Where We Meet Again (Arrow Creek 1)

Page 31

I snort. “I’m not sure I’m going to meet anyone with potential at the bar in this tiny town. Pretty sure I’ve met them all.”
“They don’t have to have potential. You just need to be open to meeting someone. After that, you can graduate to proper dates where you worry about potential and shit.”
“Basically, you want me to get laid. Am I reading you, right?”
“Yes. You are hearing me loud and clear.”
“Great. That’s settled. Now, can I go finish raking my yard or do you have more questions?”
She hums teasingly. “Nah, I’m good. You get back to adulting.”
“Aren’t you at work?” I scoop the last of the leaves into the pile that now stands about knee high. I only have one leafy tree in my front yard, and I’m grateful it’s not bigger. The screens on the windows need changing and the gutters need emptying before winter comes.
“Nope. Mark brought in a new trainee and gave me the choice of a slow day or a day off.”
“Lucky,” I grumble.
“Says the woman who only works seven days a pay period.”
“Says the woman who works twelve-hour shifts.” While I talk, I return the rake to the garage and swap it out for a disposable green yard waste bag. “Well, go enjoy your day off.”
“Thanks, babe. Later.”
Before long, the packed leaves wait by the curb for pickup, and I return my dirty work gloves to the garage. Something about the late fall air appeals to me. The rest of the work can wait until tomorrow. It feels like the perfect day to get in one of my last runs of the year through Arrow Creek Park.
The best part of Arrow Creek is the old Swinging Bridge that spans across the river. The bridge doesn’t swing, but the original did back in the 1950s. The area flooded during a torrential rainstorm twenty years later and it washed away. They rebuilt it into the rickety old bridge that stands today, but the name stuck.
Evelyn and I took many walks down here when she was just a toddler. She’d gather a handful of rocks from the river’s edge and carry them up to the ledge so she could throw them off. The sound of her giggles would fill the air, and even at a time in my life where I didn’t have stability, she made me feel as if we were exactly where we were supposed to be.
I slow to a jog as I near the entrance to the bridge and stroll across the middle of the old planks. I trace the weathered wood grains of the railing with my finger absently as my mind drifts off.
The cloudy, pale-gray sky makes the rushing river below appear nearly black. The tall brittle grass sways in the faint breeze. Now-bare trees stand tall, and the gold and orange leaves coat the ground below them.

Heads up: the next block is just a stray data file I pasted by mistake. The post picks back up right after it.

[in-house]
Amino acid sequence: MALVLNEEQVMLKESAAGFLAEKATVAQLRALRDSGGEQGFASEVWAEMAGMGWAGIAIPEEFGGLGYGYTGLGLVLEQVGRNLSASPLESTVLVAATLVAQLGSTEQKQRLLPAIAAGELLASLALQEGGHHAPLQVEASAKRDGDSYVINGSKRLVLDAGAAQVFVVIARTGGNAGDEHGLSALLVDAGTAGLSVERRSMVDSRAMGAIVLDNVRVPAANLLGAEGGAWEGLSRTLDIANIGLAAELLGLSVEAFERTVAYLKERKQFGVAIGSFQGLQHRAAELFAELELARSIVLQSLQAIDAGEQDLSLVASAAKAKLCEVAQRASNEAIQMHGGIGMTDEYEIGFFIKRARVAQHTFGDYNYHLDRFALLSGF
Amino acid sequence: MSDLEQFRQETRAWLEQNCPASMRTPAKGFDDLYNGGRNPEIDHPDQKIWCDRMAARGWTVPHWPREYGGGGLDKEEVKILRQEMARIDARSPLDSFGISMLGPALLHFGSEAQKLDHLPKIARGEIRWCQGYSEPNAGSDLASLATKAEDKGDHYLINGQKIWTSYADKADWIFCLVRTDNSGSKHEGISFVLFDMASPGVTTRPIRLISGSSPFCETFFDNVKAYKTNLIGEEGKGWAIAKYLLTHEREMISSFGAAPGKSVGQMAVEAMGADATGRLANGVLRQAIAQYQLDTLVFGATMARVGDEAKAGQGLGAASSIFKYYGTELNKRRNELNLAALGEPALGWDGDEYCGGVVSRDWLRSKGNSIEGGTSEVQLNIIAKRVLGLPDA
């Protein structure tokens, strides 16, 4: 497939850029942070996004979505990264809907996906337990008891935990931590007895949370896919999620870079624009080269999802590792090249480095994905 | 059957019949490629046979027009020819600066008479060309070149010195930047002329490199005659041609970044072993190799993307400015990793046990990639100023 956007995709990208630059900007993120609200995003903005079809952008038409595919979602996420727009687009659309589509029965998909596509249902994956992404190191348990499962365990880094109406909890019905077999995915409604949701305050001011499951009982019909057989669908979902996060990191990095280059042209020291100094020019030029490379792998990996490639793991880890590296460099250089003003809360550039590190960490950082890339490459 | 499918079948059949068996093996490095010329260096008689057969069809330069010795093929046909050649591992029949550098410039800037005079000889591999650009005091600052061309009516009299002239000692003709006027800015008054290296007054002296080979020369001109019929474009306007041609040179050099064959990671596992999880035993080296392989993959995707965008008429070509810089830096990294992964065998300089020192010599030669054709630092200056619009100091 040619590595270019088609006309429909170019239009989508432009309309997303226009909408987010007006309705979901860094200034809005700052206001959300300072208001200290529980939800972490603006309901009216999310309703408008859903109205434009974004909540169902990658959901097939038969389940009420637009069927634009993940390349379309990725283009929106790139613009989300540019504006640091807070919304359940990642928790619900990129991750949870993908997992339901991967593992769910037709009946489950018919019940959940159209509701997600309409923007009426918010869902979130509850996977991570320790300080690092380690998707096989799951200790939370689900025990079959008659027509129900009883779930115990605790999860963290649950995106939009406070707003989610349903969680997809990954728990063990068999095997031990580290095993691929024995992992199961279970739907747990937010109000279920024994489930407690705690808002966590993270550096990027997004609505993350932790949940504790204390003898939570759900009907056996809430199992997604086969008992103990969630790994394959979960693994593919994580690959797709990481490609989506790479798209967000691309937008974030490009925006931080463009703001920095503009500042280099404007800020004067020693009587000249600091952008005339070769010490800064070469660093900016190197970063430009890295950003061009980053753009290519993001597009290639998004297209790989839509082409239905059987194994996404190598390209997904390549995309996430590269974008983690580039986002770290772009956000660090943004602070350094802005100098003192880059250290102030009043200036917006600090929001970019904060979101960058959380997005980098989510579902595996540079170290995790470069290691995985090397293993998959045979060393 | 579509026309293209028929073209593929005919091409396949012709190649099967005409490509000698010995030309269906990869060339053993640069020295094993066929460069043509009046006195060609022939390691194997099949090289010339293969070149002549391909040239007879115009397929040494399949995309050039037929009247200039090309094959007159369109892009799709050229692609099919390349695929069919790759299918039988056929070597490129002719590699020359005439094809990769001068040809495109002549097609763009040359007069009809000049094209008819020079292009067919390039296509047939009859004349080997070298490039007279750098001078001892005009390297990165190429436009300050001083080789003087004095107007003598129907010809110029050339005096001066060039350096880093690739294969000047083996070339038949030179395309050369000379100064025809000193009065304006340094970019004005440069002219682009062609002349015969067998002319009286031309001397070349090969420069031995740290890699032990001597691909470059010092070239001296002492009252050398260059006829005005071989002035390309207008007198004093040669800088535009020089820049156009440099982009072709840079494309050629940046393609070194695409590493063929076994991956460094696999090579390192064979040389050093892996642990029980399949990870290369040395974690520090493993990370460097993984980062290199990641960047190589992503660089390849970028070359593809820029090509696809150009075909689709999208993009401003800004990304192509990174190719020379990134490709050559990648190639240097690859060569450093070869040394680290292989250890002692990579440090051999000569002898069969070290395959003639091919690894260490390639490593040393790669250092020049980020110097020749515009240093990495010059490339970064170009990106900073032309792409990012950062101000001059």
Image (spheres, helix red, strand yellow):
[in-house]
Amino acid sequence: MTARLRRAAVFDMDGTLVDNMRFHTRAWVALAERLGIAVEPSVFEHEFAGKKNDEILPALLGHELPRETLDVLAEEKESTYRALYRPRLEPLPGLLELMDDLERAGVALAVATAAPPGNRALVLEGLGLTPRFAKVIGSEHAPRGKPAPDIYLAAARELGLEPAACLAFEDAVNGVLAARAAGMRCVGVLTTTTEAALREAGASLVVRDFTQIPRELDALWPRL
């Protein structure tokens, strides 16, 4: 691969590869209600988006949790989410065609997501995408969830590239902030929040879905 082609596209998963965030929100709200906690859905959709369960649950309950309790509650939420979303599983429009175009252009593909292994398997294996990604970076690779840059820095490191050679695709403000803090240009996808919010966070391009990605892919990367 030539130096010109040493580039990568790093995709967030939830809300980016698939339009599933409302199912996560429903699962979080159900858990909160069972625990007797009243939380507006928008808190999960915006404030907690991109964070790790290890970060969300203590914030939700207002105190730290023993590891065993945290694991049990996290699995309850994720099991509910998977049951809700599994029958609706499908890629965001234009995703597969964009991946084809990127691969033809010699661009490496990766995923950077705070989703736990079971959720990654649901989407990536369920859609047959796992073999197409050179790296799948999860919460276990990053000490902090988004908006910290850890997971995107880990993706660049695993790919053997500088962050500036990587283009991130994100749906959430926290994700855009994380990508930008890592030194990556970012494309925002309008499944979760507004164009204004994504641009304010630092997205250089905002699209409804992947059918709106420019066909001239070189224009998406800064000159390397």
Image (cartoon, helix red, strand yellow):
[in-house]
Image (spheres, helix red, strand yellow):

A lot of towns across the country experience the full season of fall. I’d put money on Arrow Creek being the prettiest one.
Years went by before I felt comfortable enough to call Arrow Creek home, but that’s exactly what it is now. More than Logansville ever was, even though I lived there almost exactly as long. The only things tying me to my hometown are Ritchie and Law, and I brought my brother with me as soon as I could. Law remains a lost cause.
Unlike Ritchie, I left my parents buried in our hometown. It sucked to have their last resting place so far away. I’ve also learned to move on. I’ve lived without them both more years than I had with them alive. The reality is I haven’t had parents since I was eleven and a car accident stole their lives away. My heart contains the memories I need to get by.
After stretching my quads, I stroll in the direction I came. I need to head home in time to make dinner. Evelyn is usually independent, but she still isn’t feeling great. With the crazy hours my job demands, I make a point to have family dinners as often as we can.
The dense lower branches of a tree hover over the side of the trail. I step around the big pine and directly into the path of an oncoming cyclist.
“Look out!” He swerves around me, close enough his speed blows the hair out of my face.
Adrenaline courses through my system, and I leap back out of his way. My right foot lands on a large rock and stumbles over the smooth, rounded side. My ankle rolls beneath me. The hill isn’t steep, but the angle provides enough momentum. My uninjured leg doesn’t have enough traction to stop me as I skid down the embankment. I scrabble for purchase, tearing my hands over pebbles and sticks.
Something sharp scrapes up my back. The skin flames hot and painful beneath my shirt. I give up trying to stop and protect my face with my arms. Seconds later, I halt on the pebbled edge of the river.
“Ow. Shit. Shit, shit, shit.” My face contorts in a grimace to keep from screaming out. Panic mixes with the adrenaline. I have to stay calm. Nobody can think rationally while freaking the hell out, and I’m dangerously close. I might be used to emergency situations, but I’m better when they don’t involve me.
Deep breath in. Deep breath out.
“Hello?” I hope the guy who ran me off the trail stuck around to check on me. The only sounds are rushing water and the rustling of leaves. “Is anyone up there? Can you hear me?”
I wait.